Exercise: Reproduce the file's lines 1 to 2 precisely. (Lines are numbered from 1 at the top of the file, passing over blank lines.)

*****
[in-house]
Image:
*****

[in-house]
Image: